We’ve got to remember that sales is a process, a process that often includes some times of limbo and some negative answers along the way. If we cut bait too soon, we’ll end up losing out on making the sales we’re after.

To help me to not miss out on these opportunities, I’ve learned in time to keep these four things in mind:

.

Don’t Be Afraid to Follow-Up

Follow-up is a critical aspect of the sales process. Decision-making doesn’t often happen instantaneously. Clients need time to think, to confer with other team members, and to just go through their own process. During that limbo time, other pressing things come up for the customer. It’s totally appropriate and even necessary for salespeople to periodically check back in on the status of the decision. Emails, phone calls, and drop-ins are all tools that salespeople need to use to stay at the front of a client’s mind.

During the sales process, you certainly should have asked about their decision-making process. You should have gotten some specific dates about when they would be meeting with their team and when you could reasonably hear back.  On that date, or the day after, you’ve got to make the big ask again. Call and say, “Yesterday was the day you were going to meet with your management team. How did it go? Are we ready to move forward with this idea?” There may be a new status update or there may be an answer. You won’t know unless you ask.

When a deadline or limited availability are in play, I’ll say something like, “I don’t want to be a nudge, but this is time sensitive (or, there is only one left), and so I wanted to reach out and see where we stand.”  Good clients don’t mind a persistent salesperson. So often, I’ve had client say to me, “Thank you for staying on top of me about this.”

.

Listen for Buying Questions

You can get a great indication of where a prospect is based on the questions they are asking you. Here are some examples of questions they might ask that indicate an answer is coming soon:

What’s the process for executing the plan once we have an answer?

What’s the start date or deadline?

How does payment work?

What do we need to do next?

Another thing to listen for is a change in possession. When they begin talking about the solution as “ours” instead of “yours,” you can be assured that a buying decision is on the horizon.

.

Recognize When a No Isn’t Really a No

Sometimes customers say no because they don’t have all the information they need to make a decision. Sometimes customers say no because they’re too busy to say yes. Sometimes customers say no because they aren’t yet convinced of the value of your solution or service. Sometimes customers say no because they don’t think to say, “Not at this time but I’d definitely be interested in a few months.” Sometimes customers say no because they are too scared to say yes.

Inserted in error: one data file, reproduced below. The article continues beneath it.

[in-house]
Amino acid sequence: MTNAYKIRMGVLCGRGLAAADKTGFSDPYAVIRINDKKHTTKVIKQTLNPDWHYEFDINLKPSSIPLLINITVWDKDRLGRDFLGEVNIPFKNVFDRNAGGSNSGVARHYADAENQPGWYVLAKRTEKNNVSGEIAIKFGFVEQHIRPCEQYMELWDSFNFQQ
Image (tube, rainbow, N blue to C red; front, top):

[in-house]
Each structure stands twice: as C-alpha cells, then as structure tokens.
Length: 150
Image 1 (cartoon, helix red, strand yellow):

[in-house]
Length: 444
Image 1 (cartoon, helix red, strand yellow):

Don’t take a no at face value. Ask a follow-up question. Ask why. Ask for some feedback about the process. Ask when would be a good time to discuss the idea again. If you take every no you get at face value, you’re going to miss out on some sales!

.

Recognize When an Excuse Is a No

People don’t like to say no. There is something about the psychology of it that just kind of bothers some people. Recently, a colleague was telling me about one her clients that was making dumb excuses. After a meeting where he told her that she had exceeded his expectations, he suddenly changed his tune, saying that she hadn’t given him what he asked for. When she followed up with him, all he could say was that he was kind of weird and hard to deal with. When she talked to me about it, I asked her, “Do you think he’s saying no but just doesn’t know how to really say it?” She thought for a moment and replied, “I bet you’re right.” If you’re getting a no that’s spelled differently than n-o, you need to recognize it as such, and take the appropriate action, be it overcoming objections or moving on.

.

Don’t give up until you get an answer. And even then, don’t give up. Here’s a great article from The Marketing Donut that suggests implementing a 5 No Strategy. Successful salespeople are resilient, even when they don’t get the answers they are after.

.

bowtie profile.001Join the Bow Tie Sales Guy community on Facebook. Like our page here and submit questions which will be answered in an upcoming podcast.

Come back tomorrow for an article 3 things to do when you get a “No” and 4 things to do when you get a “Yes.”

.

The Big Ask: Closing a Sale

A couple of years ago, I attended a sales training with a DJ-turned-motivational speaker. I can safely say that it wasn’t the best. One memorable thing that happened that day was having to put on a jumpsuit filled with balloons that made me look like the grapes from the Fruit of the Loom gang (and yes, pictures exist). The other was an impossibly long list of “closes” we could use with our prospects and clients. This list of 150 (seriously!) closing styles included such beauties as “the Puppy Dog Close” and “the Reverse Close.”